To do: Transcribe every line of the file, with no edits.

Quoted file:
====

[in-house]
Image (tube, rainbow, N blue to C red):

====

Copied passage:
[in-house]
Image (tube, rainbow, N blue to C red):